There’s a missing piece of the puzzle for renewable energy. On the supply side, both solar and wind farms are now cheaper to build than coal fired power. And on the consumer side, governments, companies and individuals all want to make the change. So why are we still reliant on fossil fuel?
The missing piece of the puzzle here is storage. Specifically, the storage of energy at a large enough scale to support the entire grid reliably with renewable energy around the clock. This is so important because both solar and wind are intermittent – they’re not available all of the time.
To achieve energy storage of this magnitude, our storage method needs to be both scalable and economic.
Storing electricity in batteries is a mature and long standing technology, however, implementing very large scale electricity storage in batteries is uneconomic due to high initial cost, relatively short lifespans, charge/discharge inefficiencies (due to heat loss), and limited recyclability.
An alternative method, is to store the energy as heat. This heat can be obtained directly from a heat source such as the sun, can be obtained by electrically powered heating elements, or come from the waste heat of industry. Peak supply of renewable energy such as solar does not align well to peak demand (in the mornings and evenings). As such, this power would be wasted unless stored in a battery or thermal storage system.
Storing energy as heat is over 10 times cheaper than batteries , as shown in Figure 1, and also more efficient than storing it as electricity. This is because thermal storage systems are generally cheaper, have very minimal losses over time, and very high thermal efficiencies. The thermal energy can then be converted to electricity through a standard powered generation cycle, such as those used in traditional coal or gas fired power stations.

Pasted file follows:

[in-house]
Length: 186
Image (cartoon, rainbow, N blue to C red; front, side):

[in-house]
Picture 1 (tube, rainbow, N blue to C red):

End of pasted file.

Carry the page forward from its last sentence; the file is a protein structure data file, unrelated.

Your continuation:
The current industry standard for thermal energy storage is molten salt, initially designed for load control in coal fired power stations. However, they have proven difficult to economically implement into concentrated solar power plants due to very slow charge/discharge processes. Additional infrastructure and design is sometimes implemented to improve the charge/discharge process, but to limited effect. Molten salt storage is also limited by low energy density (expressed in Units of Energy per volume, Joules/Litre), high corrosivity, and low operating temperatures which results in relatively low electricity generation efficiencies.
This all sets the scene perfectly for a new thermal energy storage system which can solve the problem of deployability in a cheap, feasible, and reliable manner. Miscibility gap alloy technology is the solution.
Miscibility gap alloys have fast charge/discharge characteristics, very high energy densities, and can operate over a very broad range of temperatures. They are safe, compact, modular, have a very long life span and are highly recyclable. Click here to find out how these new materials work and what makes them so special.
 Brinsmead, T.S., Graham, P., Hayward, J., Ratnam, E.L., and Reedman, L. (2015). Future Energy Storage Trends: An Assessment of the Economic Viability, Potential Uptake and Impacts of Electrical Energy Storage on the NEM 2015–2035. CSIRO, Australia. Report No. EP155039